7. Dash HR, Mangwani N, Chakraborty J, Kumari S, Das S (2013) Marine bacteria: potential candidates for enhanced bioremediation. Appl Microbiol Biotechnol.  https://doi.org/10.1007/s00253-012-4584-0 CrossRefGoogle Scholar
  8. Flores FJ, Pardavé LM, Valenzuela IC (2007) Estudio aerobiológico de la zona aledaña al relleno sanitario San Nicolas, municipio de Aguascalientes. Investigación y Ciencia 15(37):13–18Google Scholar
  9. Fröhlich-Nowoisky J, Burrows SM, Xie Z, Engling G, Solomon PA, Fraser MP et al (2012) Biogeography in the air: fungal diversity over land and oceans. Biogeosciences 9(3):1125–1136.  https://doi.org/10.5194/bg-9-1125-2012 CrossRefGoogle Scholar
  10. Fröhlich-Nowoisky J, Kampf CJ, Weber B, Huffman JA, Pöhlker C, Andreae MO et al (2016) Bioaerosols in the Earth system: climate, health, and ecosystem interactions. Atmos Res.  https://doi.org/10.1016/j.atmosres.2016.07.018 CrossRefGoogle Scholar
  11. García-Mena J, Murugesan S, Pérez-Muñoz AA, García-Espitia M, Maya O, Jacinto-Montiel M et al (2016) Airborne bacterial diversity from the low atmosphere of greater Mexico City. Microb Ecol 72(1):70–84.  https://doi.org/10.1007/s00248-016-0747-3 CrossRefGoogle Scholar
  12. Hedayati MT, Pasqualotto AC, Warn PA, Bowyer P, Denning DW (2007) Aspergillus flavus: human pathogen, allergen and mycotoxin producer. Microbiology.  https://doi.org/10.1099/mic.0.2007/007641-0 CrossRefGoogle Scholar
  13. Heo KJ, Kim HB, Lee BU (2014) Concentration of environmental fungal and bacterial bioaerosols during the monsoon season. J Aerosol Sci 77:31–37.  https://doi.org/10.1016/j.jaerosci.2014.07.001 CrossRefGoogle Scholar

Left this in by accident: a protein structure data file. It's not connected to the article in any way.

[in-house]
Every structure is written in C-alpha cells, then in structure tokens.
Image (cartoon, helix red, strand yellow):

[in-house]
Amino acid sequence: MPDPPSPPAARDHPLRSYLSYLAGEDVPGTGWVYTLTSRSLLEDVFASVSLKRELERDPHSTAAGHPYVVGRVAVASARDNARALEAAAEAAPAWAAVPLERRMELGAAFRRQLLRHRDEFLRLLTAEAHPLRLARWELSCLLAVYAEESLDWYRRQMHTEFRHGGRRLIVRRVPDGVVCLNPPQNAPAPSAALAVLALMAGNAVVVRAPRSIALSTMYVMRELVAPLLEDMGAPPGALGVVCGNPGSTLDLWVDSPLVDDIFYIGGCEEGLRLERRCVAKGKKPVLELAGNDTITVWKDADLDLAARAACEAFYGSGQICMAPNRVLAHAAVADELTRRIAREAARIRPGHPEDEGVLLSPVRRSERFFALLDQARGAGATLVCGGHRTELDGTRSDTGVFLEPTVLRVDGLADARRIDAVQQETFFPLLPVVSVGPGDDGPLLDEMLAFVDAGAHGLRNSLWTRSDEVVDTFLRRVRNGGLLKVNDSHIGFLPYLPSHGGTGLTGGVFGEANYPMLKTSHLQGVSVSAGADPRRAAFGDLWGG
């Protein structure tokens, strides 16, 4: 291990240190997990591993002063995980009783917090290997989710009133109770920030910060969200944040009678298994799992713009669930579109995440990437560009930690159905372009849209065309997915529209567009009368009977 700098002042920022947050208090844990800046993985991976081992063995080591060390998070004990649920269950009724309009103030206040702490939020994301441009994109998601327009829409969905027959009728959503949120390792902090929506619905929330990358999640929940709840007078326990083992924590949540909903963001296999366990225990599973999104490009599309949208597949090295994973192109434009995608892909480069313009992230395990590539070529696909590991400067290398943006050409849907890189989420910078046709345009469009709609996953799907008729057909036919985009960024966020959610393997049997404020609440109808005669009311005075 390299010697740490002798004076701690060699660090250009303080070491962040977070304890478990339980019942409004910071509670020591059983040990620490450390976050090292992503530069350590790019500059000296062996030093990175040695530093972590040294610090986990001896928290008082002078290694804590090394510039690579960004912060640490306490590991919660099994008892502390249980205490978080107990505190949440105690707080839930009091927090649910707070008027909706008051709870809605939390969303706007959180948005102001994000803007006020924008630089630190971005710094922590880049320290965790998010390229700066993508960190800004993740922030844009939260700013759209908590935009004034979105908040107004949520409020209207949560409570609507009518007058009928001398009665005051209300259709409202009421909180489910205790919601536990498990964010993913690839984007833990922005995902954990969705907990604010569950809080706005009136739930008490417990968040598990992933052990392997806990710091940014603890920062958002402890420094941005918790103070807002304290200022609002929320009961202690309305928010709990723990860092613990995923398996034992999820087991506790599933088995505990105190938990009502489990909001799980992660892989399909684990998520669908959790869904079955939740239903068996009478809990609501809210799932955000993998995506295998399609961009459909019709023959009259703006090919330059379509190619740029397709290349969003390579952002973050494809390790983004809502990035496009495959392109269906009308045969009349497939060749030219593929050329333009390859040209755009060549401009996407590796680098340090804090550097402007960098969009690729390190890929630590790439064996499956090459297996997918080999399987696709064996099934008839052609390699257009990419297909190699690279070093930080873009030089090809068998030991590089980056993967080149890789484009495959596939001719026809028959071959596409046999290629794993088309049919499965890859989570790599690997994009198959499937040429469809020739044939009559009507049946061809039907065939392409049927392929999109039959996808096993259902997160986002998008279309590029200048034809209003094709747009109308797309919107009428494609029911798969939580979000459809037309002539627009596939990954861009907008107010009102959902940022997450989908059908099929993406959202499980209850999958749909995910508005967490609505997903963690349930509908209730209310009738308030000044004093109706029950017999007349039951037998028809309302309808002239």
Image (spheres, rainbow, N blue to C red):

14. Hurtado L, Rodríguez G, López J, Castillo JE, Molina L, Zavala M, Quintana PJE (2014) Characterization of atmospheric bioaerosols at 9 sites in Tijuana, Mexico. Atmos Environ 96:430–436.  https://doi.org/10.1016/j.atmosenv.2014.07.018 CrossRefGoogle Scholar
  15. INSHT (1996) NTP 409: contaminantes biológicos: criterios de valoraciónGoogle Scholar
  16. Jones AM, Harrison RM (2004) The effects of meteorological factors on atmospheric bioaerosol concentrations—a review. Sci Total Environ.  https://doi.org/10.1016/j.scitotenv.2003.11.021 CrossRefGoogle Scholar
  17. Koneman E (2008) Microbiological diagnosis: text and color atlas (Médica Pan)Google Scholar
  18. Li M, Qi J, Zhang H, Huang S, Li L, Gao D (2011) Concentration and size distribution of bioaerosols in an outdoor environment in the Qingdao coastal region. Sci Total Environ 409(19):3812–3819.  https://doi.org/10.1016/j.scitotenv.2011.06.001 CrossRefGoogle Scholar
  19. Maldonado-Vega M, Peña-Cabriales JJ, De Los Santos Villalobos S, Castellanos-Arévalo AP, Camarena-Pozos D, Arévalo-Rivas B et al (2014) Bioaerosoles y evaluación de la calidad del aire en dos centros hospitalarios ubicados en León, Guanajuato, Mexico. Rev Int Contam Ambient 30(4):138–143Google Scholar
  20. Marks R, Kruczalak K, Jankowska K, Michalska M (2001) Bacteria and fungi in air over the Gulf of Gdańsk and Baltic sea. J Aerosol Sci.  https://doi.org/10.1016/S0021-8502(00)00064-1 CrossRefGoogle Scholar